In case you want to upgrade in the future, it is possible to go for a 2TB HDD to store a few more titles.
Display: Screen Resolution, Speed and Type
While the CPU and GPU exist to deliver the title the way it was intended to, the screen is where the gamers see it all come to life. So, having that ‘perfect’ screen that is not straining your eyes when playing for long sessions, is colour accurate, has more refresh rate and has no frame rate drops is important. While OEMs feature gaming laptops with an anti-glare screen, up to 360Hz refresh rate, and good colour gamut coverage, AMD-based laptops come with an inbuilt AMD FreeSync technology that eliminates stuttering or tearing in games. It locks the screen’s refresh rate to the graphics card’s frame rate, which is effective when playing FPS titles. Nvidia’s G-Sync is also an option.
Both the 15-inch and 17-inch screen sizes are ok as it is subjective. However, if you are going for a larger screen, the trade-off comes in the form of a heavier laptop. That said, avoid anything below FHD (1920 x 1080) resolution. FHD resolution works well in case you have enabled Ray-Tracing. However, in 4K resolution, it might not be an option for some games. OLED panels look good with deeper blacks, but not all of them support high refresh rates, and the possibility of burn-in is also there.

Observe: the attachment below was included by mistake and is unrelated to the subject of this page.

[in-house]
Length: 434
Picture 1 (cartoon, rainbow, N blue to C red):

Can’t Ignore the Keyboard
A keyboard has its uniqueness, and a preference is important here, considering it is usually the section from where you control the entire game. You should definitely look at the key travel and get the one with 2mm since it will prevent you from hitting the keyboard’s frame. High-tier laptops even come with mechanical keys. Next is the availability of customisable Macro Keys to tie certain functions in gameplay. Anti-ghosting is also important, especially when using multiple keys for combos. Professional gamers should also look out for n-key rollover, so the key is registered no matter what other keys are being pressed.
Lastly, the backlight ability. This is easy to get since all the gaming laptops have it these days. The number of customisations may differ as per the OEM and their software.
Bonus – A Long-Lasting Battery
Usually, when you have a powerful AMD gaming laptop, the battery is something that not a lot of gamers are concerned about—playing titles on a gaming laptop while on the go is rare and limits the functionality of the device greatly since the battery is the only source of power. However, in case you want to get other tasks done while moving, a good battery backup is required.
You can check AMD Ryzen™ 6000 Series laptops that are usually slim, easy to carry and power-efficient since they use the 6nm tech. In addition, the smart battery management of the chip does take care of the battery performance.